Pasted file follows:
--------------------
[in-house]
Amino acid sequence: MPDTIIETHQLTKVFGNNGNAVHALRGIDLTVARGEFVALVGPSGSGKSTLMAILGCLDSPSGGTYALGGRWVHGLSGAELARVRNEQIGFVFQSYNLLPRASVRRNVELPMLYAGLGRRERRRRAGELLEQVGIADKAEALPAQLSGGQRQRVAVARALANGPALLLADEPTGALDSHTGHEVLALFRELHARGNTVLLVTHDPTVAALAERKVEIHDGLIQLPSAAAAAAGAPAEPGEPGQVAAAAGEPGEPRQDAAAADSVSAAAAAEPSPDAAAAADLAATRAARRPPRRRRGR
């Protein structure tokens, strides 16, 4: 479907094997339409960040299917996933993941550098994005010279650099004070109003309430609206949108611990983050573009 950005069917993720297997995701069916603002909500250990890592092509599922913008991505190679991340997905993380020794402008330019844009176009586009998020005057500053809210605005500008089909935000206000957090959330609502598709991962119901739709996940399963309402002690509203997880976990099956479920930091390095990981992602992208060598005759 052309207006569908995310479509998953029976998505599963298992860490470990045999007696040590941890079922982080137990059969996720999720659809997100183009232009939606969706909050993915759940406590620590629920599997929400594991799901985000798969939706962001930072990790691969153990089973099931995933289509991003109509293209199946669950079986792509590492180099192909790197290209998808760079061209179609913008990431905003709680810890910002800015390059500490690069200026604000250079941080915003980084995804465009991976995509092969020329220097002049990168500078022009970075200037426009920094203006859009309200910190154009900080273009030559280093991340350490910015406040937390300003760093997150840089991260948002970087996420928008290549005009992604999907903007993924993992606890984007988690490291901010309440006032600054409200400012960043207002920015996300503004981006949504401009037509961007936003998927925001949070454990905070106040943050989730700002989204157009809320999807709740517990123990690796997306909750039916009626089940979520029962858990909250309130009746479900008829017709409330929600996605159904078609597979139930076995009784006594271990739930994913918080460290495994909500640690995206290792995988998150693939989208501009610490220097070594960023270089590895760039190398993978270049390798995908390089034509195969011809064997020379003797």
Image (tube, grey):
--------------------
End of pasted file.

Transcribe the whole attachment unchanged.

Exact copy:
[in-house]
Amino acid sequence: MPDTIIETHQLTKVFGNNGNAVHALRGIDLTVARGEFVALVGPSGSGKSTLMAILGCLDSPSGGTYALGGRWVHGLSGAELARVRNEQIGFVFQSYNLLPRASVRRNVELPMLYAGLGRRERRRRAGELLEQVGIADKAEALPAQLSGGQRQRVAVARALANGPALLLADEPTGALDSHTGHEVLALFRELHARGNTVLLVTHDPTVAALAERKVEIHDGLIQLPSAAAAAAGAPAEPGEPGQVAAAAGEPGEPRQDAAAADSVSAAAAAEPSPDAAAAADLAATRAARRPPRRRRGR
């Protein structure tokens, strides 16, 4: 479907094997339409960040299917996933993941550098994005010279650099004070109003309430609206949108611990983050573009 950005069917993720297997995701069916603002909500250990890592092509599922913008991505190679991340997905993380020794402008330019844009176009586009998020005057500053809210605005500008089909935000206000957090959330609502598709991962119901739709996940399963309402002690509203997880976990099956479920930091390095990981992602992208060598005759 052309207006569908995310479509998953029976998505599963298992860490470990045999007696040590941890079922982080137990059969996720999720659809997100183009232009939606969706909050993915759940406590620590629920599997929400594991799901985000798969939706962001930072990790691969153990089973099931995933289509991003109509293209199946669950079986792509590492180099192909790197290209998808760079061209179609913008990431905003709680810890910002800015390059500490690069200026604000250079941080915003980084995804465009991976995509092969020329220097002049990168500078022009970075200037426009920094203006859009309200910190154009900080273009030559280093991340350490910015406040937390300003760093997150840089991260948002970087996420928008290549005009992604999907903007993924993992606890984007988690490291901010309440006032600054409200400012960043207002920015996300503004981006949504401009037509961007936003998927925001949070454990905070106040943050989730700002989204157009809320999807709740517990123990690796997306909750039916009626089940979520029962858990909250309130009746479900008829017709409330929600996605159904078609597979139930076995009784006594271990739930994913918080460290495994909500640690995206290792995988998150693939989208501009610490220097070594960023270089590895760039190398993978270049390798995908390089034509195969011809064997020379003797």
Image (tube, grey):